Lessons in Password Mis-management

All Your Data Are Belong To Us

An anonymous Russian hacker was discovered advertizing 1.17 billion email account records (email addresses and passwords) for sale or trade on the dark side of the internet.  Security researchers who go ahold of it were able to narrow that database down to ~ 272 million unique email accounts.  These email accounts were held at a number of major players in the online email game, including Gmail, Microsoft, Yahoo.  The biggest single email provider (Russia’s Mail.ru) had approximately 57 million records included in the database.  All-in-all, that number is a ridiculously huge amount of raw user accounts that could be exposed.

How Did This Happen?

It is becoming clear that these accounts were not obtained by attacking the mail companies at all.  Instead, it looks like this person simply compiled the results from numerous other databases available from previous breaches of forums and social media sites.  The hacker smashed together databases he obtained and reformatted to tie email addresses and passwords.  Using that information and the following logic, the database being reported was created.

  • Hacker knows most people use same password all over the place, so if forum gets hacked, and user signed up using email account user@email.com, then he’s safe to guess that the password to the email account is the same as the password from the hacked forum.
  • Hacker collected lots and lots of usernames / passwords based on previous databases of stuff from all kinds of websites.
  • Hacker builds “database” of all these user’s email address and passwords, as a potential (unverified) database of accounts.
  • Offers it out for free(ish) to whoever’s cutest at the moment.

In plain terms, this was data compilation.  It also looks like no attempt to verify the validity of the accounts was done, as Mail.ru’s analysis of the accounts exposed showed that more than 99.9% of the accounts in their side of the breach are invalid.  This means the 57 million accounts included may actually only result in ~ 10,000 accounts that were exposed.  Similar numbers are being reported by the other major carriers.  These carriers have already started reseting / locking out the affected users accounts to ensure that the leaked data is not usable.  So yes, this could be one of the biggest databases of user accounts and passwords, but Mail.ru could also be right that only a very very small percentage of the data is actually usable.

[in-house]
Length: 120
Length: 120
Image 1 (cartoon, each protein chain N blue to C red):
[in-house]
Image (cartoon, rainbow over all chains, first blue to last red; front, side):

Not a Big Deal, Right?

The concerning thing is, this attacker was right.  Most users would use the same password because it’s a pain to remember a whole bunch.  For anyone that was doing that, this database might have the right passwords.  The accounts that are valid could have easily been protected by following any of the following password online practices, most of which, unfortunately, people don’t often do.

  1. Using different passwords for their email and any other websites.
  2. Changed the password on their email account regularly.
  3. Using a separate email account for online registrations versus important (banking or related) email communications

Since email today is pretty much ubiquitous for almost everything that we do, it’s becoming a higher and higher value target to hackers.  For example, if you forget your password to your bank, one of the ways that the bank often allows you to reset it is to email you a one-time code in order to access your account.  If an attacker has your email address, they could potentially reset your bank account password, and have all kinds of fun with your money (most of it in the “spend, spend, spend!” direction).  As such, protecting our email accounts has become much more important to protect.


Protection, Now Attached to Your Hip

In order to continue to protect the products that they provide, major email companies have all over the last couple years instituted measures that drastically increase other people’s ability to use your account in an unauthorized manner.  They do this using something called “Two Factor Authentication”.  This is a method of mixing “something that you know” with “something that you have”.  The “something you know” is generally a PIN or Password.  The “something you have” is often a cell phone or application on a computer that’s already been setup.  While the brand names and methods aren’t exactly the same, the basic idea is as follows:

  1. Identify yourself with a username.
  2. Provide password (something that you know).
  3. A one-time alert is triggered on your phone or your phone provides you with a one-time, continuously changing code.
  4. Code is input to website or alert is confirmed on phone to ensure that you are you.
  5. Access is granted to site.

To find out more about these enhanced levels of authentication that are available from some of the major players, see the links below.

These protections make the leaked database of accounts useless for accessing your account with the provider.   Some support an app, txt, or phone call second step after the password, and others simply need you to hit CONFIRM on your phone, but all of them are only as secure as the place you receive the confirmation.  Make sure that you have your phone password / fingerprint / PIN locked or else anyone who can access the phone could still log in as you.